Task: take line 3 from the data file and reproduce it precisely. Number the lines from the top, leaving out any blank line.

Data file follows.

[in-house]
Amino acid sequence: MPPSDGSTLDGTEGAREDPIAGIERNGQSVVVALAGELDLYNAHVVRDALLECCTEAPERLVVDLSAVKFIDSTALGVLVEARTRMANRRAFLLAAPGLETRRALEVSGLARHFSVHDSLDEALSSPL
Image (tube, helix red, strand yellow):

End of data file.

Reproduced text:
Image (tube, helix red, strand yellow):